Under the pressure of right wing populism, the Netherlands have been transformed from a country that was a model of humane crime policy to one hung up on security and punishment. The offensive of the populist right has been so effective that even social democrats now repudiate their multiculturalist past and lament over their policy mistakes.  

Security and the radical right in Flanders

Security has been a major theme in the rhetoric of the Vlaams Block/Belang since the late 1980s. Their combination of strong anti-immigrant statements and simplistic proposals has been appropriated by mainstream parties in Belgium.

Exploring the fascist roots of Islamophobia

Contemporary Islamophobic discourses thrive in a fascist imaginary which Slavoj Zizek analyses.

My friend has a story

This isn’t my story. But it could have been, and it can be the story of any young Palestinian living in this small besieged part of the world.

Reconciliation and the destruction of the past in divided societies

Ongoing controversies in two of the quintessential cases of divided societies - Northern Ireland and the Former Yugoslavia - are best understood by examining the political dynamics created through procedures of remembrance, and those of reconciliation.

Grammars of enmity: a Golden Dawn of contemporary Greek democracy?

Far right groups like Golden Dawn are not a new phenomenon in Greek society, nor do they derive from the consequences of today’s financial crisis. The roots of fascist groups are to be found in an old tendency to rely on the vilification of a political enemy to rule.

Greek populist parties and the disoriented mainstream

The results of May's legislative elections in Greece may derive from the degree of public anger at the EU-IMF rescue package. Nevertheless, immigration was featured very prominently in party programs and public discourses as the main security concern – a trend not limited to the radical right.

Security Discourses and the Radical Right

Ruth Wodak launches a series of updates on the rise of the far right and exclusionary discourses in Europe. What should the democratic response be to these ideologies?

From the inside out: reconciliation is more than possible

Amidst the deep hurt of civil war, many think it impossible to speak with, let alone work with, people from across divisions of conflict. A diverse group of young British Sri Lankans have directly experienced this. Here they examine reconciliation as not only a possibility, but a present undertaking.

See the debate: Is reconciliation possible in Sri Lanka?

Reaping the political rewards of the Iranian nuclear crisis

Both Iranian and Israeli governments mutually benefit from the threat of war, as they both use the excuse to polish their propaganda and to silence internal opposition.

Marine Le Pen, the radical right and French Islamophobia - Part II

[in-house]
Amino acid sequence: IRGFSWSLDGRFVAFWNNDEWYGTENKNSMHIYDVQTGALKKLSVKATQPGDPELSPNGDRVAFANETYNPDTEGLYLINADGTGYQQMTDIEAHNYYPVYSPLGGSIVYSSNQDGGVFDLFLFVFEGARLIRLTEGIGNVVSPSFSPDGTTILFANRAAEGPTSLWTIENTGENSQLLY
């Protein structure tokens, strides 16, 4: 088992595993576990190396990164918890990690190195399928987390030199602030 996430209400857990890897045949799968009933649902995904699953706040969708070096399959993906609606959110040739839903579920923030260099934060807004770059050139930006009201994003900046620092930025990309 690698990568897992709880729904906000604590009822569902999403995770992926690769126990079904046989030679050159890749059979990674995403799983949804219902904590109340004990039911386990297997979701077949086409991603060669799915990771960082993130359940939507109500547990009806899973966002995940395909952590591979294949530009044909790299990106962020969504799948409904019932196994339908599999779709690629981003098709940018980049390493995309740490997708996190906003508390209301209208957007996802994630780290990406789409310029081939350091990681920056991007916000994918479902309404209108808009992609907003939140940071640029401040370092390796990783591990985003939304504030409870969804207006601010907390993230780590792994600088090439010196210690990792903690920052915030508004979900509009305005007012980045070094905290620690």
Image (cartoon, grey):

Nicolas Lebourg continues (see part one) to explore how the Toulouse events contributed to shaping Marine Le Pen’s electoral strategy. While it is dubious that Islamophobia played the most decisive part in her latest presidential score, she placed it on the top of the political agenda for the second round.

The politics of interpreting Toulouse

The use of anti-Semitism as the main narrative for “Toulouse” led to an internationalising step in the depiction of these events, as commentators increasingly linked the attacks to the Israel/Palestine conflict. Comments then focused on the alleged responsibility of “Israel” or “Muslims” in Merah’s killings.

The game gets serious

Iran and the 5 +1 group (the five permanent members of the UN Security Council, plus Germany) began talks on 15 April in Istanbul with a plenary session of all parties. The White House has welcomed Iran-5+1 group talks as a ‘positive first step’.

Bicycle bombs to Bollywood - immigration and identity

One breach of the law cancels out another.

Time to reframe the debate on the Iranian nuclear programme

Debates on the Iranian nuclear programme tend to adopt a Manichean view depicting it as a major security threat. If we want to properly address the issue of nuclear proliferation, it is time to switch to a different framework for negotiations.

Purposeful inquiry: detoxing the poisoned chalice

Derry/Londonderry is the UK City of Culture in 2013. In a place where names can be rigid markers of enmity, what tools can we use to dismantle the unseeing ways ‘the enemy’ is passed between generations?

Will diplomacy solve the Iran-US imbroglio?

Ayatollah Khamenei's recent declarations concerning the future of the Iranian nuclear dispute may sound belligerent, but they indeed reveal levers to be used for diplomacy. Acknowledging Iran’s role as a regional leader is a first step.

The enemy always gets a vote

Current tensions between Iran and the US /Israel alliance may lead to military intervention from either side. The outcome of such initiative is very uncertain as both sides are caught up in security dilemmas.

A plague on both your populisms

Populist movements can bear a strong, but misleading, resemblance to more respectable cousins: movements for democratic accountability. It has now become fashionable even to argue that ‘some populism is good’ - because populism is seen as ‘speaking truth to power’. It’s important therefore for democrats to be able to tell the good guys from the bad guys. If populists can play this game, don’t the rest of us need our own enemy images?